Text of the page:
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Background.: Induced sputum (IS) may provide diagnostic information about the etiology of pneumonia. The safety of this procedure across a heterogeneous population with severe pneumonia in low- and middle-income countries has not been described. Methods.: IS specimens were obtained as part a 7-country study of the etiology of severe and very severe pneumonia in hospitalized children <5 years of age. Rigorous clinical monitoring was done before, during, and after the procedure to record oxygen requirement, oxygen saturation, respiratory rate, consciousness level, and other evidence of clinical deterioration. Criteria for IS contraindications were predefined and serious adverse events (SAEs) were reported to ethics committees and a central safety monitor. Results.: A total of 4653 IS procedures were done among 3802 children. Thirteen SAEs were reported in relation to collection of IS, or 0.34% of children with at least 1 IS specimen collected (95% confidence interval, 0.15%-0.53%). A drop in oxygen saturation that required supplemental oxygen was the most common SAE. One child died after feeding was reinitiated 2 hours after undergoing sputum induction; this death was categorized as "possibly related" to the procedure. Conclusions.: The overall frequency of SAEs was very low, and the nature of most SAEs was manageable, demonstrating a low-risk safety profile for IS collection even among severely ill children in low-income-country settings. Healthcare providers should monitor oxygen saturation and requirements during and after IS collection, and assess patients prior to reinitiating feeding after the IS procedure, to ensure patient safety.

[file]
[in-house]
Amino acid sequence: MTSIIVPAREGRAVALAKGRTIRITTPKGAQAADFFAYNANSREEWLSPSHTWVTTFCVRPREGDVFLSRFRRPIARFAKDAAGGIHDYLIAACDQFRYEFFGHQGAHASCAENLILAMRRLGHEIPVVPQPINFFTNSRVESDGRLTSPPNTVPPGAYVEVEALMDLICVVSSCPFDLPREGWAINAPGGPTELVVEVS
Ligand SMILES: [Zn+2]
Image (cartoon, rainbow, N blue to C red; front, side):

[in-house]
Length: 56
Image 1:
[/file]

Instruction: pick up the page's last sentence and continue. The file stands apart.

Original publication

DOI

10.1093/cid/cix078

Type

Journal article

Journal

Clin Infect Dis

Publication Date

15/06/2017

Volume

64

Pages

S301 - S308

Keywords

PERCH, induced sputum, safety., severe pneumonia, very severe pneumonia, Bacteria, Child, Preschool, Female, Humans, Infant, Male, Oxygen, Pneumonia, Poverty, Specimen Handling, Sputum